ANJA KASPERSEN: So the lack of understanding is basically leading these people to treat correlation as causation and consequence.

BLAISE AGUERA y ARCAS: That's right. Of course, if you imagine such a system then actually being deployed, then you're creating a feedback loop that makes all of those things vastly worse, so lack of understanding can lead to super-irresponsible behavior.

The Stanford AI "gaydar" piece was similar. It was based on selfies in OkCupid or on Facebook of people who are declaring their own sexual orientation, and what it seems to really have been picking up on is the way people take their selfies, which is actually signaling their orientation to prospective partners. So it is not exactly a "gaydar detector," it is really just reading the thing that people actually are signaling explicitly with their photograph.

There is kind of a funny story. If you are a straight woman, you will take the picture from above—actually I think those pictures look a lot better whether you are a woman or a man—but if you are a straight man, you tend to take them from below, and if you are gay or lesbian, you tend to take them from head-on. There is actually a very simple interpretation of that, which is that that is the expected height of the partner, but that seems to have been the main effect that their detector was actually picking up on, it was camera orientations. It was pretty funny.

ANJA KASPERSEN: I have heard you emphasize the limitations of what exactly we can infer from algorithms and, more importantly, what we cannot infer from algorithms in much of your work. In your view, should we be worried about an AI system that can map out all human decisions in a specific field and come with new ones never even imagined by humans?

BLAISE AGÜERA y ARCAS: Of course that should concern us. But again, I think it's more a matter of understanding what you have asked a system to do and being clear-eyed about where that is being deployed. A lot of those difficulties and challenges are the same challenges that you would encounter if it were a person or just some non-AI code, nothing that has a neural network in it.

There are systems-level problems. As an example, newsfeed-ranking algorithms have been blamed for polarization and political extremization, and that is correct, and I think we have plenty of evidence that newsfeed-ranking algorithms can do really bad things for polarizing a community.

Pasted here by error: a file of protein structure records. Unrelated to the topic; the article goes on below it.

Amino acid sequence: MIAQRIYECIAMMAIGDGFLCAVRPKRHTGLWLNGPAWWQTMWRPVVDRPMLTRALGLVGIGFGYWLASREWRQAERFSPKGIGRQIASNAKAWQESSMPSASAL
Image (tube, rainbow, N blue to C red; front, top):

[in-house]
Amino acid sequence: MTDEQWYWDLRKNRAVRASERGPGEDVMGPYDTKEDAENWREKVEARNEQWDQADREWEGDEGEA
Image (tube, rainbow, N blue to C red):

On the other hand, there has been at least one massacre or ethnic cleansing that was a result of just normal "social media spreading" without a ranking algorithm at all. This was WhatsApp before there was a ranking algorithm there at all. This really just emerged from the dynamics of social media itself and of the ability to add lots of people to a thread and to spread a message in an unchecked way. Those new dynamics led to new collective behaviors and led to the formation of mobs in a way that would have been unlikely to happen with those dynamics absent that tool. That was a really simple piece of technology—it was just messaging—but it resulted in these unintended effects.

Technologies that change behaviors or possibilities for significant numbers of people will always come with unintended effects. It is not that we should stop building or stop experimenting. It is that we should never stop being curious about what those effects are and then learning from what we see and changing what we are doing to suit.

Also, doing a big experiment that is very, very consequential, taking a large step before taking smaller steps, is usually not a good idea. It's good to get your feet wet with something before you scale it up. Sometimes techs are urged to scale something up quickly to go for fast money or for fast scale, and this can really act against that. I don't think that most of the big companies are in that mode anymore because they have all gotten too schooled in a lot of this, but I see start-ups very hungry for scale that are attempting to make giant changes with AI systems where it feels like one would want to proceed with a lot more caution.